opt = ctg.HyperOptimizer(slicing_reconf_opts={'target_size': 2**28})

Subtree reconfiguration - reconf_opts

Finally, one can perform subtree reconfiguration alone - ranging over subtrees of the main tree optimally reconfiguring them locally to lower the target score globally. This is turned on by supplying a dict to reconf_opts, which will be supplied as kwargs to ContractionTree.subtree_reconfigure. The ‘reconfing’ will be performed after any slicing.

opt = ctg.HyperOptimizer(reconf_opts={})

Note you just supply an empty dict if you want to use the default options. Some parameters, such as the score function to minimize (see next section), will be set for you to match the global objective if not specified. You can supply reconf_opts={'forested' :True, ...} to use forested subtree reconfiguration.


Note all three of these can be applied successively:

opt = ctg.HyperOptimizer(
    slicing_opts={'target_size': 2**40},         # first do basic slicing
    slicing_reconf_opts={'target_size': 2**28},  # then advanced slicing with reconfiguring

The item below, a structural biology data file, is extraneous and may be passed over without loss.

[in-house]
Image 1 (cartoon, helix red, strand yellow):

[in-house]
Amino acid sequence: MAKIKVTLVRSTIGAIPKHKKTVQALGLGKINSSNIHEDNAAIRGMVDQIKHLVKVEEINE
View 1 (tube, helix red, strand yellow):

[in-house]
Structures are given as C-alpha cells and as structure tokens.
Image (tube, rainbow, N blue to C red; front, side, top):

reconf_opts={'subtree_size': 14},            # then finally just higher quality reconfiguring

Simulated Annealing - simulated_annealing_opts

cotengra has an implementation of simulated annealing along the lines of arXiv:2108.05665, the core function of which is simulated_anneal_tree.

You can turn this on by supplying a dict to simulated_annealing_opts, which will be supplied as kwargs to the above function:

opt = ctg.HyperOptimizer(simulated_annealing_opts={})

There is support for slicing by supplying the target_size in this dict. The simulated anneal is performed first-thing after generating the initial tree, and can still be combined with any of the other processing steps above.


What the optimizer (and subtree reconfiguration) considers the ‘best’ tree or objective function is set with the minimize kwarg.

  • minimize='flops' - minimize the total number of scalar operations,

  • minimize='size' - minimize the size of the largest intermediate tensor,


Generally to control the memory usage of a contraction it is better to use slicing rather than targetting the size directly.

  • minimize='write' - minimize the total amount of ‘memory written’, i.e. the sum of sizes of all intermediate tensors. This targets memory speed, but is best weighted with the flops cost as well - see below. However this score is also relevant for automatic differentiating a contraction, where naively all intermediates must be kept.

  • minimize='combo' - minimize the sum of \(FLOPS + \alpha \times WRITE\) using the default \(\alpha=64\)

  • minimize=f'combo-{alpha}' - use a custom \(\alpha\) for the combo cost

For real world contractions, where both clock speed and memory speed are important, using:

opt = ctg.HyperOptimizer(minimize='combo')

should provide decent baseline performance for typical CPUs and GPUs.

Optimization Library